SAGE Journal Articles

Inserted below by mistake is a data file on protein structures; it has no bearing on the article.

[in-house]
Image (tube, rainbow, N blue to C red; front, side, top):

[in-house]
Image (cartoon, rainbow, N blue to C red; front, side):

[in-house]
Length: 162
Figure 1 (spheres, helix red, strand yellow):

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Abstract: Ethnocentrism denotes a positive orientation toward those sharing the same ethnicity and a negative one toward others. Previous models demonstrated how ethnocentrism might evolve intergenerationally (vertically) when ethnicity and behavior are inherited. We model short-term intragenerational (horizontal) cultural adaptation where agents have a fixed ethnicity but have the ability to form and join fluid cultural groups and to change how they define their in-group based on both ethnic and cultural markers. We find that fluid cultural markers become the dominant way that agents identify their in-group supporting positive interaction between ethnicities. However, in some circumstances, discrimination evolves in terms of a combination of cultural and ethnic markers producing bouts of ethnocentrism. This suggests the hypothesis that in human societies, even in the absence of direct selection on ethnic marker-based discrimination, selection on the use of fluid cultural markers can lead to marked changes in ethnocentrism within a generation.